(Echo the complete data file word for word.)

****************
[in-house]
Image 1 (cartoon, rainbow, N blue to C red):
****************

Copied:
[in-house]
Image 1 (cartoon, rainbow, N blue to C red):